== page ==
France put on hot weather alert as heatwave reaches Europe

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Tourists drink and fill their bottle from a public fountain to refresh themselves during an unusually early summer heatwave on June 24, 2019 in Rome. (AFP)
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A woman walks her dog through a fountain installation in the French eastern city of Lyon on June 24, 2019 as temperatures soar to 35 degrees Celsius. (AFP)
Updated 25 June 2019

France put on hot weather alert as heatwave reaches Europe

  • Rescue services urged people to look out for young children, the elderly and those with compromised immune systems who are at particular risk in high temperatures

PARIS: The sunset had an orange glow. So did the extreme weather warning for Paris.
Meteorologists placed more than half of France, including around the capital, on alert for high temperatures Monday as a heatwave was expected to spread across continental Europe this week.
National weather agency Meteo France predicted the hot weather could produce temperatures of up to 40 degrees Celsius (104 Ft) across the country just as the summer tourist season shifts into high gear.
The French weather agency set the heat warning level at orange — the second-highest intensity on its four-level categorization system for potentially dangerous conditions requiring public “vigilance.”
In Paris, charity organizations patrolled the streets to provide homeless people with water, while local authorities organized air-conditioned public places where people could seek shelter from the heat.
French Education Minister Jean-Michel Blanquer, deciding it was too hot to study, ordered national exams taken by students heading to high school postponed from Thursday and Friday to next week.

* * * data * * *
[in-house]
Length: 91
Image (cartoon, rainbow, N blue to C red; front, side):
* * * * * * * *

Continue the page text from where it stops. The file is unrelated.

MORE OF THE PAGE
International soccer federation FIFA could face implementing heat precautions at the Women’s World Cup, which France is hosting. The precautions include holding cooling breaks during matches and postponing games if the heat is too intense.
Women’s World Cup matches are scheduled every day this week, except Wednesday and Sunday. Luckily, most were set to be played at night.
France introduced a heat watch warning system after a long, deadly heatwave in August 2003. The highest temperatures in more than half a century eventually were estimated to have caused 15,000 heat-related deaths, many of older people left in city apartments and retirement homes without air conditioning.
French President Emmanuel Macron said Monday that vigilance was the watchword for the week.
“As you know, at times like these, sick people, pregnant women, infants and elderly people are the most vulnerable. So we must be vigilant with them and have prevention measures in place in order to intervene as quickly as possible,” Macron said.
French Health Minister Agnes Buzyn said Monday that “everything is ready” in retirement homes, hospitals and transportation systems.
“Yet when people are fragile, even when everything is organized, there’s always a higher mortality rate,” she warned.
Meteorologists said hot winds from the Sahara Desert brought the scorching weather to Europe. Similar heat is expected in Belgium, Switzerland and Germany.
In Germany, temperatures above 40 degrees C are possible in some places on Wednesday, topping the country’s previous June record of 38.2 degrees Celsius (nearly 100.8 degrees Fahrenheit) set in Frankfurt in 1947.
Rescue services urged people to look out for young children, the elderly and those with compromised immune systems who are at particular risk in high temperatures.